How can I check to see if my bathroom exhaust fan is actually working and moving air?
Sunday, November 18, 2018
If you can hear the fan when you turn it on, but it seems like it’s always stinky and humid in there, here’s a simple test you can do to check and make sure it’s working. Close the bathroom door, tear off a strip of toilet paper about a foot long and lay it gently along and over the gap between the door and floor inside the bathroom. Then turn on the fan. The tissue should immediately be sucked away from the door by air flow from the fan.
If not, the air flow must be reduced or plugged at one end or the other, and there are a few things that could be causing the lack of air flow:
1) The opening under the door (undercut) is not high enough or obstructed by a thick floor covering on the one side. A bathroom exhaust fan pulls air from under the door, and also from the air conditioning supply air register (vent) in most newer homes. But some older homes have no supply register in the bathroom, so the undercut of the bathroom becomes the sole source of incoming air to replace the air that is exhausted by the fan.
Check the gap on both sides of the door. The problem may be plush carpet that virtually seals the bathroom door from the outside or an undecut that’s too small. Normal undercut is 3/4” to 1”. An extremely narrow gap under the door, will still cause the tissue to move but limit the cubic feet of air exchange.
2) There is an obstruction to the exhaust termination of the fan duct in the attic. This is more difficult to check. Does a strip of toilet paper over the ceiling intake of the exhaust fan get sucked onto the grille when the fan is turned on, and can you feel air flow with you hand over it? The most common defect causing a termination problem is that the exhaust fan was never connected to a duct that runs to a roof or soffit vent and, at some point, the top of the exhaust fan in the floor of the attic got covered over by insulation. We see this pretty often. Also, the termination could be clogged or the duct crushed by someone crawling over it in the attic. Investigating for these issues may require crawling in the attic or getting up on the roof, and might be best left for a construction professional.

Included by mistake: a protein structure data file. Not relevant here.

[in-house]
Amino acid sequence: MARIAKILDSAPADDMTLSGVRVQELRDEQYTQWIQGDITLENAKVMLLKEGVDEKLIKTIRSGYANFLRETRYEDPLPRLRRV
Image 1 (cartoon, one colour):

3) The exhaust fan could be big enough for the size of the bathroom but, because of an extremely long run of the duct to a distant roof or soffit vent, the rated output of the fan in cubic feet per minute (cfm) might be significantly reduced due to the static pressure (resistance to air flow) of the long duct run. A fan with a higher cfm rating may be the answer.
4) The fan could be too small for the size of the bathroom. The building codes require a minimum 50 cfm rating for switched bathroom exhaust fans, which is also the smallest size available at home improvement stores. It should be adequate for the average 5-foot by 8-foot bathroom, based on the rule of thumb of 1 cfm per square foot of a bathroom with an 8-foot ceiling. But larger bathrooms, and especially the glamour master baths with high ceilings and both a shower and spa tub require much more cfm than the one for one calculation, and often a fan at both ends of the room, to effectively clear the air.
5) The fan motor is at the end of its lifespan and producing reduced air flow. Vent fans usually start to get noisy when their performance deteriorates and they are about to die, so that would be a clue.
And, we almost forgot, but there is a third possibility: the exhaust fan works fine but doesn’t get left on long enough. There are three solutions for that problem you can find at our blog post My bathroom is stinky and humid even though it has an exhaust fan. What can I do to fix it?
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To learn more about heating and air conditioning systems, see these other blog posts:
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